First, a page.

On Feb. 9, 2013, police found Geraldine J. McIntyre suffering from bodily trauma during a welfare check call. She was taken to a nearby hospital and later pronounced dead.
Neighbors built a shrine for her in Capitol Heights that Valentine's Day.

On Feb. 9, 2013, police found Geraldine J. McIntyre suffering from bodily trauma during a welfare check call. She was taken to a nearby hospital and later pronounced dead. Neighbors built a shrine for her in Capitol Heights that Valentine's Day.

From the mayor’s office to the police chief’s desk, the surging homicide rate in the District has prompted hard questions and finger pointing over why violence is spiking. But in the neighborhoods hit hardest, community leaders are mobilizing to address what’s fueling the bloodshed. Using conflict resolution, skill-building exercises and even the arts, activists long familiar with D.C.’s deadly crime cycles are working with low-income teens to prevent future violence. We find out what’s being done inside churches, community spaces, theaters and on city streets to stem the homicidal cycle, and learn more about why violence still plagues D.C.’s neighborhoods.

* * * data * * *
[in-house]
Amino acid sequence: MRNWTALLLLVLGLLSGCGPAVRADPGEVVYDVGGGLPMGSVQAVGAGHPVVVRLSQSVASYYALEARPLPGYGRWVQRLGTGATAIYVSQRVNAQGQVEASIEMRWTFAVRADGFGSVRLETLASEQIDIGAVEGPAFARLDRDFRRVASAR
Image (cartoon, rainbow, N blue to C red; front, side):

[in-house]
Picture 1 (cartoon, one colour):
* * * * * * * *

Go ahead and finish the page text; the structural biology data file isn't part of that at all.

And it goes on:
Guests

  • Tyrone Parker Executive Director, Alliance of Concerned Men
  • David Bowers Co-founder, No Murders DC
  • Daniel Bradley Co-founder and CEO, Dreams Work
  • Curtis "C-Webb" Mozie Community Activist and Videographer; Author, "Beyond the Yellow Tape: Life and Death on the Streets of D.C."

Behind The Statistics: A Lens On Lost Lives

Making Sense Of D.C.’s Uptick In Violence

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